One of the biggest offseason changes for the Los Angeles Kings was the addition of forward Milan Lucic.
After setting a career high in points during the 2010-11 season, Lucic’s numbers have been on a very slow decline and on June 26, the Boston Bruins dealt him to Los Angeles in exchange for goaltender Martin Jones, defenseman Colin Miller and the 13th-overall selection in last June’s NHL Entry Draft (who turned out to be defenseman Jakub Zboril).
The speculation quickly began on what this would mean for the native of Vancouver, who had spent his whole career in the Bruins organization.
At first glance, the partnership between Lucic and the Kings made a ton of sense on paper. LA had just missed missed out on the playoffs last Spring and was looking to regain its identity as a heavy hockey team. Lucic clearly fits that style of play.
And now as the first quarter of the NHL season gets ready to come to a close, the divisional races are starting to round into form and the players who could impact those races are starting to to rise to the top. It appears that Lucic’s impact is making a difference in Los Angeles.
Anyone who follows the Kings closely will know that Lucic, like most players who are trying to establish themselves at a new address after a long stint at an old one, got off a bit of a bumpy start.
The Kings stumbled out of the gates with an 0-3-0 record and Lucic shared in those struggles. He was held pointless in those first three contests and compiled a plus-minus rating of minus-three and he was held to just two shots.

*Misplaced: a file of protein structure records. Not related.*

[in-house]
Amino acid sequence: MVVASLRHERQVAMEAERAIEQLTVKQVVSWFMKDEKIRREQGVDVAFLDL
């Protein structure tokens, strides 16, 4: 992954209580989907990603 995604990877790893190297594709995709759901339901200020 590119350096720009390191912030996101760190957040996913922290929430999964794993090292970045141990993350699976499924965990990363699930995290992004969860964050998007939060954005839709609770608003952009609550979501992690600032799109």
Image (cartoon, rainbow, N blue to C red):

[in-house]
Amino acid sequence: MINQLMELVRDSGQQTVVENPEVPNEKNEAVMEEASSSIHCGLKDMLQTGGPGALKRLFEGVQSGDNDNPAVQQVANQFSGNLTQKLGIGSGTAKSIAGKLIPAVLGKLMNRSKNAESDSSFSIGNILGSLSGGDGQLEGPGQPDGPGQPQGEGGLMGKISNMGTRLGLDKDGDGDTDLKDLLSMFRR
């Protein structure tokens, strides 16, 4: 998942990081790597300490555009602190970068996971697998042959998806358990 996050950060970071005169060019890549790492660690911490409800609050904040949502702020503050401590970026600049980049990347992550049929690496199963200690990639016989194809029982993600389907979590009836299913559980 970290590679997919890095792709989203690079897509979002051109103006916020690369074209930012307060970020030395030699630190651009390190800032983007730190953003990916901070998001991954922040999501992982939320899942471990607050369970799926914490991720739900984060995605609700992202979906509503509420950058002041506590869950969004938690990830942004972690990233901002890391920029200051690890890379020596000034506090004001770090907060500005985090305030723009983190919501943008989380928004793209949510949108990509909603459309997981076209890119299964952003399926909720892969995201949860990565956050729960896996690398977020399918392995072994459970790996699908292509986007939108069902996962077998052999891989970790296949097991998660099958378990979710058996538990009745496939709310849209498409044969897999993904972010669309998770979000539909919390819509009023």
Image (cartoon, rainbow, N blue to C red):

But as LA started to shake out of their early-season doldrums, so did Lucic. He registered an assist along with a pair of shots in 15:20 of ice time as the Kings defeated the Wild, 2-1 in overtime, for their first win of the season. He would go on to collect points in six of his next seven games (two goals and five assists).
Coming into Tuesday night’s action, Lucic had goals in three of the Kings’ last four games, including a game-winner Saturday night at home against the Islanders. In total, he has 10 points (5g, 5a) and with a plus-five rating in 17 games played as it appears that he’s starting to settle in with the Kings.
He’s also brought that edge with him to Los Angeles that he was so well known for in Boston. He dropped the gloves in a marathon fight against Josh Manson of the Anaheim Ducks in an exhibition game back in September and he was charged with a match penalty when he retaliated against San Jose’s Logan Couture following a low check in the season opener back on October 7.
“It’s really different,” said Lucic to the Boston Globe when talking about the difference between playing in LA and Boston. “I didn’t expect it to be this different. I think the main thing is I was with the same coach the whole time in Boston, so you know exactly what to expect. You know the routine…”
But judging by his play and the play of the team over the past month, Lucic and the Kings appear to finally be putting their adjustment period in the rear-view mirror, which will only translate to the success that is starting to show in the standings.